What weight fork oil for '09 yz450?

Time for new fork seals and the Yamaha manual calls for S1 oil. Is this available on motosport or can I use say Motorex? If so, what weight?

anyone?

S1 is one of those weird KYB suspension oils that no one really knows the actual weight of. It's really good stuff while it lasts, but it's too expensive for the short usable life it has. Most people use a high quality fork oil from 2.5-5 wt in the inner chamber, and will either use the same oil in the outers, or bump up to the 5-7wt range for that.

I'll go with 5 since it seems like an overlapping weight. Thanks Gray

Bad advice. That's "01", not "S1", in the first place, and it doesn't hold up particularly well, either. 01 is listed in Yamaha owner manuals as the recommended oil for open bath forks, not twin chamber.

motorex racing fork oil is pretty close to s1 yamaha suspension fluid

http://www.peterverd...uspension_Fluid read the viscosity sheet i think Kyb 01m IS yamaha S1 when compared side to side

motorex racing fork oil is pretty close to s1 yamaha suspension fluid

It's not the same stuff.

And there's a good deal more to the picture with suspension fluid than listed or tested viscosity. Since you've stuck your nose into that rather old Peter Verdon post, take a look at the variation between almost any of the listed oils at 40 ℃ and 100 ℃. You'll find the variance is much greater than the difference between a 2.5wt and a 5wt in virtually every case. Now, take a look at all of the oils that have a 40 ℃ viscosity of 15 cSt. You'll see oils listed from 2.5 to 5 wt in that list. Then if you look at the 100 ℃ measured viscosities and start comparing them, you'll see that, for example, Maxima Racing 5wt is lighter than Silkolene Pro 2.5wt. Overall, the numbers on a label don't mean that much.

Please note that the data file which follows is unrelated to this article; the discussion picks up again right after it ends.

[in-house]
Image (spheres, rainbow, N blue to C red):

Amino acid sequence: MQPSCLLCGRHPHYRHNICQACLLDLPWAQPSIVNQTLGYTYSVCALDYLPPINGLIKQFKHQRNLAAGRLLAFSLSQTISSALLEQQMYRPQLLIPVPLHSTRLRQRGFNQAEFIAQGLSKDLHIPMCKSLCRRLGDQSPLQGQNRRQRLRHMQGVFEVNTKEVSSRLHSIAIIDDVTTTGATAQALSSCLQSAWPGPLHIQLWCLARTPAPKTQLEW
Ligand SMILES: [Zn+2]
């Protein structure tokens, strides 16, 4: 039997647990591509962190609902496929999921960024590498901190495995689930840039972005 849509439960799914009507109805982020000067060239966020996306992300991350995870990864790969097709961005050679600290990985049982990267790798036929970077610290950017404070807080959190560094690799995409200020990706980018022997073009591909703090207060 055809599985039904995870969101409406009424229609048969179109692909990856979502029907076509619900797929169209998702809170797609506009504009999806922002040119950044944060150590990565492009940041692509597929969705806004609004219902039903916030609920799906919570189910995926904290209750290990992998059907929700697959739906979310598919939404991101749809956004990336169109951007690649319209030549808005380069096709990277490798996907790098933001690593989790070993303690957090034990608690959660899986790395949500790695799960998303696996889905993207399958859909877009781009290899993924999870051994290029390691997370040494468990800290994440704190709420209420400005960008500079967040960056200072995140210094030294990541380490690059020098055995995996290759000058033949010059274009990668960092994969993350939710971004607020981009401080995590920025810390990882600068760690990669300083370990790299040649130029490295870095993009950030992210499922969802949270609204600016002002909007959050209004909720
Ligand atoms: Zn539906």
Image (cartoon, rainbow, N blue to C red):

But going back to the comparison of the high and low temperature viscosities, ask yourself why, if viscosity matters so much, your suspension doesn't act profoundly different in the first minutes of your ride than it does later in the day. The answer is that modern suspension systems are designed specifically to be tolerant of fluid viscosity across a fairly wide range without it affecting their operation.

Viscosity will only have an immediate uncompensated effect on places where oil flows through a fixed orifice, such as the bleed needles you move with the click adjusters. The valves themselves are pressure regulators, and to a large degree, they will respond to the increased pressure of a thicker oil simply by opening farther. If you put 30 weight oil in your forks, you'll feel that, but for the most part, you would notice very little in going from a 3 to a 5 wt under any circumstance.

Far more important is the oil's stability under extreme shear force, it's durability, resistance to cavitation, and other attributes. Two 5wt fork oils are no more necessarily alike than two 10w-40 engine oils are. Viscosity is on the list of things you should consider when choosing one, but it's a long way from being the only consideration.

http://www.thumperta...-yamaha-s1-oil/ grayracer kyb 01 fork oil is s1 yamaha fork oil i use it

I've seen that thread. There's nothing conclusive in it. Use it if you want to, I don't care. Whether it is or is not the same oil makes no difference, anyway, because it's still way too expensive for no better than it works, and especially for no better than it holds up, IMO.

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